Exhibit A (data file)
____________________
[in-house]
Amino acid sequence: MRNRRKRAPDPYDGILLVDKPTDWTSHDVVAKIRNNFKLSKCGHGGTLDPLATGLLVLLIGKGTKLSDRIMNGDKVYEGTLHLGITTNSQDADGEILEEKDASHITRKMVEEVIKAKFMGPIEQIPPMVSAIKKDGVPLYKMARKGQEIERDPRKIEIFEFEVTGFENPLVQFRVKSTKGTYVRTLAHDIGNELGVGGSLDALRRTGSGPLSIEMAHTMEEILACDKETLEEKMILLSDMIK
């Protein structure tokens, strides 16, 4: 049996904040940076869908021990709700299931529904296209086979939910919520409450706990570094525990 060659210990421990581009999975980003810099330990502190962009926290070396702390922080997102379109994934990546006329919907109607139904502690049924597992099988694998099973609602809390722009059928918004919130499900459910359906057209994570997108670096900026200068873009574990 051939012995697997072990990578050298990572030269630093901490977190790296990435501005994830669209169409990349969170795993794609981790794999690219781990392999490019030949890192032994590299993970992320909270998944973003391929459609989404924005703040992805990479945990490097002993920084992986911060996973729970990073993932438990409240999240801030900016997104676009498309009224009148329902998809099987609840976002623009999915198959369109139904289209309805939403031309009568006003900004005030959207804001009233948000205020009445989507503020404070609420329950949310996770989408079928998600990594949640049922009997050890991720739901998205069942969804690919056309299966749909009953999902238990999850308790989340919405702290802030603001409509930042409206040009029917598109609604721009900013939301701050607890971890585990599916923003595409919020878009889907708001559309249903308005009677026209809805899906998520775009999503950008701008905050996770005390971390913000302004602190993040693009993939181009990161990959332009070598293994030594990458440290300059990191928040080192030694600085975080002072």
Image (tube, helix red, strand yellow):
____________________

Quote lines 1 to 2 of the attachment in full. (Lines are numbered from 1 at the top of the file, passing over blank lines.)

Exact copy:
[in-house]
Amino acid sequence: MRNRRKRAPDPYDGILLVDKPTDWTSHDVVAKIRNNFKLSKCGHGGTLDPLATGLLVLLIGKGTKLSDRIMNGDKVYEGTLHLGITTNSQDADGEILEEKDASHITRKMVEEVIKAKFMGPIEQIPPMVSAIKKDGVPLYKMARKGQEIERDPRKIEIFEFEVTGFENPLVQFRVKSTKGTYVRTLAHDIGNELGVGGSLDALRRTGSGPLSIEMAHTMEEILACDKETLEEKMILLSDMIK